US Marshals is the hardly-anticipated sequel to The Fugitive, and mediocrity follows it wherever it goes. Offering an inferior parallel to every dramatic twist and every stunt in the original (a plane crash for the train crash, a jump off a high-rise building for the high-dive into the river), it follows The Fugitive's footsteps so closely that it's more of a remake than a sequel.
As far as the storyline is concerned, the major difference between the two films is in the focus. In The Fugitive, the protagonist was the man on the run, the heroic, misunderstood underdog; and the marshal was the roguish, quick-talking man we loved to hate. In US Marshals you're invited to identify with the chasers. This, as is so often the case in Hollywood film-making, was not an artistic decision, but a production mutation (since Harrison Ford said "nope" to reprising his role, Tommy Lee Jones must now carry the film) and it creates a fatal dramatic imbalance.
Admittedly, Marshal Gerard can summon heavy machinery and hundreds of eager, uniformed men (including Robert Downey Jr and Joe Pantoliano, who are totally wasted) with one bark. But in film, unlike football, it's far less satisfying to root for the side with the upper hand.
To compound our frustration even more, Gerard's character hasn't been developed further to accommodate the demands of this leading role, and Jones, who gave a knockout, show-stealing supporting performance in The Fugitive, is suddenly and disappointingly one-note. He's always much more effective in the role of the antagonist, when his tough, rapid, Cagney-style deadpan bounces off the honest hero. But here, Jones is the `good' hero, and the secondary role falls to Wesley Snipes. While Ford's wronged doctor was a regular guy having to cope with irregular situations (the old Hitchcock formula), Snipes is a superman from the word go. He's trained to deal with situations like this and he's a master of disguise who finds it second nature to go undercover. So you know that when Jones growls, "We're going to search every house, hospital, hotel, back road and back-water," they're not going to find him.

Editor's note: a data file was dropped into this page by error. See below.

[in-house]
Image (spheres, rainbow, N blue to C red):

US Marshals merely spins through the pursuit-thriller motions. The escapee can take care of him-self and you can spot the bad guy within minutes of his arrival, while chaser and chasee miss each other for much of the movie.
You might say that what really matters in an action film are the chases and the stunts, and the wham-bams in US Marshals are competently handled - the plane crash is an eye-opener, while a sequence in a swamp is a rollicking good thriller. But they're nothing you haven't seen before, bar the photogenic locations.
Regrettably, Stuart Baird's by-the-numbers direction doesn't exploit its suggestive potential to the full. Snipes' (or rather his double's) bungee-jump off the roof of a high-rise and onto a moving train is impressive, but I've seen muchmore elaborate and exciting stuff in old Harold Lloyd films.